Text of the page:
Red Car versus Cold Blues

“This is it,” I whispered as my 2005 Pontiac Sunfire lost traction, sledding past the edge of the sloping curve, down a snow-swamped bank, and into an inescapable pocket next to a stump. My luck made itself known immediately: an officer from the county jail found me and let my chat with him in his truck. I was one county away from home after a half-day’s drive from Washington DC, I explained, and once I got into South-west Michigan I decided to take country roads so I could be in from the blizzard faster. Officer John and I discussed life transitions and my employment situation; I accepted what had happened, waiting there for my stepfather and trusting that all would be well. I was impressed with my own calm. The journey had already changed my perspective in small ways — listening to pop music, realizing what was important to me back in Maryland, convincing myself that my time in Michigan would be formative. It is becoming formative but, believe me, losing my car off the side of the road has not been the greatest challenge. The tow-truck driver treated us terribly the next morning, due to a miscommunication between county and state police about the status of the vehicle, but even that seems like a funny anecdote now.

Unemployed and in debt, I returned at the suggestion of my mother and stepfather, for no more than eight weeks, to help them with my grandmother and earn some money to pay my back-rent. I thought it might be a simple respite from feeling stuck. I did not realize how deep my rut in Maryland has really been… nor did I fully appreciate how it was affecting someone else until… …mind if I skip around a little? This is going to be gloriously POORLY written because I just need to—

* * *

Fiona at camp, 2009

I named her Fiona Sunfire. One day in April my paternal grandparents shocked me with the gift of a key-fob… with a key in it. They walked me, in a half-stunned state, into the driveway to meet a red compact with gorgeous lines (I don’t care what anyone else thinks about Pontiacs or Sunfires– I was elated). Fiona didn’t make my life instantly better; I was finishing my undergraduate studies and unsure how to find employment. A then-girlfriend (AC) invited me to work with her at the summer camp where we had met– by awful coincidence my parents split-up and my maternal grandfather died in the same weekend. Just like that, I was climbing into Fiona Sunfire to find a space of peace, a space I could control, and a means of going forward. Undercurrents of emotion that had laid dormant or else stifled during college came to the surface like geysers. One relationship ended while another began; my circle for friends became different, smaller; I was angry at my father for initiating the divorce and as for my mother– nothing I said seemed to make a difference to her but… …gradually, I found an abandoned cabin on camp grounds where I could scream, sing, pray. All of the nameless angst seemed to suddenly have labels. Two years later, I changed all the labels and moved out of the country. While Fiona sat in a garage on the farm in Michigan, I was angry with the apartheid regime in Israel. In Washington, the feelings followed even as the attached issues continued to change. I notice, as I reflect, the anger faded into irritability, that into anxiety, and sometimes that would wear away to reveal… …nope. For a long time I went to therapy and kept-up the story: there were irritations, injustices, and worries. I gave all of my feelings the same level of dignity, assigning them real-life causes and explanations. I was tentative to suspect what I suspect, now… …or perhaps I suspected but refused to indict. Is the effect the same?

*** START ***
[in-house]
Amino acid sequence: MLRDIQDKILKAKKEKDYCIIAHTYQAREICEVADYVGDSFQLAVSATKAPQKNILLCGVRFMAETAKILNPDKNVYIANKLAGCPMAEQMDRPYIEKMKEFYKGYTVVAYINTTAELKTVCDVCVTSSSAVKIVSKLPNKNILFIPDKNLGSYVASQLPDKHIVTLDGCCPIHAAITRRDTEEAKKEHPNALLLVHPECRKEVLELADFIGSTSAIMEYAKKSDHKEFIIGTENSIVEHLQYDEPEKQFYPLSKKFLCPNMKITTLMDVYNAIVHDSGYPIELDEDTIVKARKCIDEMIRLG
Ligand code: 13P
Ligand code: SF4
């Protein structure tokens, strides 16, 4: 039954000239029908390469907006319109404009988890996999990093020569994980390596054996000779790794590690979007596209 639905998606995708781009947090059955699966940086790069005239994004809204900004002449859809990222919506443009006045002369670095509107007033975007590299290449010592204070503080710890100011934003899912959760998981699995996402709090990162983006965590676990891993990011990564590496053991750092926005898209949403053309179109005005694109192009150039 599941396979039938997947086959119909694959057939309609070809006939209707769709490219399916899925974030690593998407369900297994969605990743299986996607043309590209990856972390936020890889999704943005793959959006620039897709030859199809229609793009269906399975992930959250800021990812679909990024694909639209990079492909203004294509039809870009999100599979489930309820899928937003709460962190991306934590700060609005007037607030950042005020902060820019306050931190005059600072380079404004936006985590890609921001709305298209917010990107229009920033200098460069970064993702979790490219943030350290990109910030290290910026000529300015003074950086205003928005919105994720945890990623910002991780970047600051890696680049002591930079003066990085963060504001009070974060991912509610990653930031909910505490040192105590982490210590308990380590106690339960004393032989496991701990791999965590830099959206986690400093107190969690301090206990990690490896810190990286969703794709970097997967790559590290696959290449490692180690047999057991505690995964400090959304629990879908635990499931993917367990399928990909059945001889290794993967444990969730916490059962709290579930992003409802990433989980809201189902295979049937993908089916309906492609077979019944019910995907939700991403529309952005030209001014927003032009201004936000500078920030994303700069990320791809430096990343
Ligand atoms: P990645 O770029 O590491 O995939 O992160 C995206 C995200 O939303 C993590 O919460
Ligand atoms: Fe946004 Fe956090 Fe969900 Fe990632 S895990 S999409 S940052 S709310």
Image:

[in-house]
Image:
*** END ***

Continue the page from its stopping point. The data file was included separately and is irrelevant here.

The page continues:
* * *

My friend Megan poses in Charlotte, NC

I once loaded Fiona and drove overnight to visit my friends in Charlotte. I knew my mood was slipping and I believed that seeing friendly faces in a different climate would make the difference; I wanted a quick fix. Quickly, I hustled through the snowy night, across the plains of Ohio, and into the mountains of West Virginia. Then, Fiona had siped tires (tiny grooves cut into the treads for better ice-traction). Despite the falling snow, I sped through the mountains and into Virginia and North Carolina at speeds in excess of 70 mph, passing other cars with confidence and glee. The snowy weather moved even faster. A few friends makes some difference but the glum pall lingered even there. It seemed vanquished in the Palestinian summer, six months later, but at a year-to-date from my Charlotte trip it was raining in Bethlehem, and in Ireland, and it might as well have been dark in Amman by the time I was there… alone with no orders to busy myself with nor means of going forward…

* * *

It gets worse, first. Last May I had a terribly job and a wonderful girlfriend. I lost the former. My car became my greatest financial asset, something assured and safe. It was the vehicle of our vacation, my means of shuttling back and forth to her home, to Quaker meetings, and would-be interviews — there were few. The labels and explanations became her stalker, her ex, my former supervisor, our current president, myself… …this part is hard to explain. I thought I had outrun decline, at last. Fiona carried me out of the house where my room was too small into a beautiful apartment that cost much more. Fiona carried me back to somewhere every day/night I wanted. The apartment became the symbol of my tunnel-vision for the past several months. As long as I could stay there, I thought everything would be okay. Even as the spaces of that apartment became haunted with — intrusive thoughts. The disappointment seemed to ferment and distill into bitter thoughts. To go into detail is painful. A steady trickle of intrusive, bitter ideas had followed me since I first packed Fiona for camp, they born from tensions in college that, themselves, I had always found ways to catalog and explain. My trickle became a stream, then a river. It overflowed its banks — I stayed two months extra in my apartment without paying, convinced that a job break-through would become the dam. Becoming displaced seemed like the worst possible thing. At the same time, I was apprehensive to share how dire my situation was becoming — except with my girlfriend. I would explain further but I think I should just repeat: my girlfriend was fully aware of the state I was gradually working myself into but the rest of my network remained largely un-activated — I imagined waiting until my breakthrough, to break the good news that I was going to be okay, that I had overcome the adversity of my own power, that I had worth, that I should be loved by… … …me? Meanwhile, she has way too much on her plate already…